Twitter Basics: Introduction

It wasn’t long since I was wondering whether or not to stick around on Twitter. I’m still mulling over the purposes, uses, and usefulness of Twitter, the instant short-messaging system that is capturing more and more of the media’s attention and is growing rapidly.

So, if my last post might have put people off, this one, and the next few, are intended to encourage people who’ve joined Twitter, or are thinking of joining, and who are wondering what it’s all about.

I won’t be the first to post tips on how to use Twitter, and the Twitter Fan Wiki is a much better resource than I’ll ever be able to produce.

But my aim is to have some bite-size posts here that I can refer people to when they say “what’s this all about then”.

So, Twitter. Instant short messaging? Micro blogging? Search engine? Cultural phenomenon? Waste of time? What is it?

I imagine many more of you use Facebook and you’re probably aware of the concept of status updates. Short notes that describe what you’re doing, thinking or feeling.

For me, status updates (and photos) are the two most useful parts of Facebook. They are simple hooks into what people are up to that enable a conversation to start. I’m more in touch with what my friends are doing now because of such things.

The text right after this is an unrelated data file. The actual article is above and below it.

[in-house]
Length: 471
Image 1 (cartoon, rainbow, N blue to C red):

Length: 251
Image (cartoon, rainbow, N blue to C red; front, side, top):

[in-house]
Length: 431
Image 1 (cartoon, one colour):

And there is an element of art in status updates too. There is a skill in crafting short, clever, interesting messages.

Twitter is, in effect, the status updates from Facebook, with everything else stripped out.

But there’s a key difference: Twitter is (mostly) public. Anyone can see your updates. With Facebook only your friends can see your updates.

There is a concept of “Following”. Updates from people who you follow appear in your “Timeline” (on your homepage).  Equally, you can be followed and your updates will appear or be sent to your followers. However, unlike Facebook, you can follow anyone and anyone can follow you.  You don’t need to be mutual friends.

Twitter does allow you to lock down so that your updates are protected, but you miss out on a lot by doing this.

Twitter’s “open” nature means that people can come and scour the messages flying around and process them in useful and interesting ways.  I’ll deal with some of these in a future post, but as a pretty example, take a look at Twistori.

It is this ability to process the messages that gives Twitter its power.  And its this power that I’ll be exploring in subsequent posts.

However, in my opinion, Twitter’s extensions have taken over slightly and people use it for more than just status updates and this has made it more impersonal and less valuable to me as a person.

The other problem with the cultural phenomenon of Twitter is that it’s turned into a words and numbers game.  Can I get hundreds of followers? Can I get my chosen topic mentioned to much that it’s classified as a trend.

Such things have diluted the useful posts with many meaningless ones.

I think Twitter IS still a useful tool, if you don’t get caught up in the numbers game, keep your followings managable, and mostly follow real people that share interests with you.  That’s why I’m still there!

Stick with me for a few days and hopefully you’ll see why.